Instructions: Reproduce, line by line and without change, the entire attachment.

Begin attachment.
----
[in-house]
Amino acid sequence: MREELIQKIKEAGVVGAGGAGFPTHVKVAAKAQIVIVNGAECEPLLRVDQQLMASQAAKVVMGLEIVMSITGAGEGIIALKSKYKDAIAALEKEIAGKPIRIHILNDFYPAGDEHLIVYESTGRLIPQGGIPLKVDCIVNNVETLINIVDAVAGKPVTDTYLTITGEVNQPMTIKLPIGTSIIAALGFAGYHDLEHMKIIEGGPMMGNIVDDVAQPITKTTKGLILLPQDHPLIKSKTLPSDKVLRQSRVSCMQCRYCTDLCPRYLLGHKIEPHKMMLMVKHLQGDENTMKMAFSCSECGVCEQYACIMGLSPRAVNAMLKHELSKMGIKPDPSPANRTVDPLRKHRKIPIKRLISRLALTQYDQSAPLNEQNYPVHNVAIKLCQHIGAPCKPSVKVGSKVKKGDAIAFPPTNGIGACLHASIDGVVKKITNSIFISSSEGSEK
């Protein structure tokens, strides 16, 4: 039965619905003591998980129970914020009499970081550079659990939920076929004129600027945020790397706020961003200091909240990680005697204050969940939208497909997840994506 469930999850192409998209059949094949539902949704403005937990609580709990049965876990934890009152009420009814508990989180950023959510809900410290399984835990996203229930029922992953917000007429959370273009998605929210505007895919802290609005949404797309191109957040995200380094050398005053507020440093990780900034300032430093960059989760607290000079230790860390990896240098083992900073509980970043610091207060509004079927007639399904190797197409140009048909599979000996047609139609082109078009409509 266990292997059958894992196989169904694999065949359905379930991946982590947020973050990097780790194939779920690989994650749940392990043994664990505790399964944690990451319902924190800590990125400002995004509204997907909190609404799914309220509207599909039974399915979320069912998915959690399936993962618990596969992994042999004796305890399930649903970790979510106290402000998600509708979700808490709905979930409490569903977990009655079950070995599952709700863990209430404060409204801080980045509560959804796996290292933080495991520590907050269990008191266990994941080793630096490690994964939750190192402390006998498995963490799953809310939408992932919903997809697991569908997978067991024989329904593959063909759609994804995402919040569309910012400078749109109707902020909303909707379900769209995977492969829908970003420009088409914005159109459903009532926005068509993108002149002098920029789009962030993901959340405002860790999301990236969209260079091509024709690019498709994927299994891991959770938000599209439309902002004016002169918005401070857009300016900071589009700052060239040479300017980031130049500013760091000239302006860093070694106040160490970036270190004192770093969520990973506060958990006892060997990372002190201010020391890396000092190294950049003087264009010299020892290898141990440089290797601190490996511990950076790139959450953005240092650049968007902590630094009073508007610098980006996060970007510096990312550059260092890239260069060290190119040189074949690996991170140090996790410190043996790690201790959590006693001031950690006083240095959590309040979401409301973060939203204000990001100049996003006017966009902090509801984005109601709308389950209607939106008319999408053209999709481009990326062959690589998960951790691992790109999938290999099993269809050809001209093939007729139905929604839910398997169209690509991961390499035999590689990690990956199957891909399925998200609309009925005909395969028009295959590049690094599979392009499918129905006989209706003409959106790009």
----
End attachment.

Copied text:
[in-house]
Amino acid sequence: MREELIQKIKEAGVVGAGGAGFPTHVKVAAKAQIVIVNGAECEPLLRVDQQLMASQAAKVVMGLEIVMSITGAGEGIIALKSKYKDAIAALEKEIAGKPIRIHILNDFYPAGDEHLIVYESTGRLIPQGGIPLKVDCIVNNVETLINIVDAVAGKPVTDTYLTITGEVNQPMTIKLPIGTSIIAALGFAGYHDLEHMKIIEGGPMMGNIVDDVAQPITKTTKGLILLPQDHPLIKSKTLPSDKVLRQSRVSCMQCRYCTDLCPRYLLGHKIEPHKMMLMVKHLQGDENTMKMAFSCSECGVCEQYACIMGLSPRAVNAMLKHELSKMGIKPDPSPANRTVDPLRKHRKIPIKRLISRLALTQYDQSAPLNEQNYPVHNVAIKLCQHIGAPCKPSVKVGSKVKKGDAIAFPPTNGIGACLHASIDGVVKKITNSIFISSSEGSEK
């Protein structure tokens, strides 16, 4: 039965619905003591998980129970914020009499970081550079659990939920076929004129600027945020790397706020961003200091909240990680005697204050969940939208497909997840994506 469930999850192409998209059949094949539902949704403005937990609580709990049965876990934890009152009420009814508990989180950023959510809900410290399984835990996203229930029922992953917000007429959370273009998605929210505007895919802290609005949404797309191109957040995200380094050398005053507020440093990780900034300032430093960059989760607290000079230790860390990896240098083992900073509980970043610091207060509004079927007639399904190797197409140009048909599979000996047609139609082109078009409509 266990292997059958894992196989169904694999065949359905379930991946982590947020973050990097780790194939779920690989994650749940392990043994664990505790399964944690990451319902924190800590990125400002995004509204997907909190609404799914309220509207599909039974399915979320069912998915959690399936993962618990596969992994042999004796305890399930649903970790979510106290402000998600509708979700808490709905979930409490569903977990009655079950070995599952709700863990209430404060409204801080980045509560959804796996290292933080495991520590907050269990008191266990994941080793630096490690994964939750190192402390006998498995963490799953809310939408992932919903997809697991569908997978067991024989329904593959063909759609994804995402919040569309910012400078749109109707902020909303909707379900769209995977492969829908970003420009088409914005159109459903009532926005068509993108002149002098920029789009962030993901959340405002860790999301990236969209260079091509024709690019498709994927299994891991959770938000599209439309902002004016002169918005401070857009300016900071589009700052060239040479300017980031130049500013760091000239302006860093070694106040160490970036270190004192770093969520990973506060958990006892060997990372002190201010020391890396000092190294950049003087264009010299020892290898141990440089290797601190490996511990950076790139959450953005240092650049968007902590630094009073508007610098980006996060970007510096990312550059260092890239260069060290190119040189074949690996991170140090996790410190043996790690201790959590006693001031950690006083240095959590309040979401409301973060939203204000990001100049996003006017966009902090509801984005109601709308389950209607939106008319999408053209999709481009990326062959690589998960951790691992790109999938290999099993269809050809001209093939007729139905929604839910398997169209690509991961390499035999590689990690990956199957891909399925998200609309009925005909395969028009295959590049690094599979392009499918129905006989209706003409959106790009």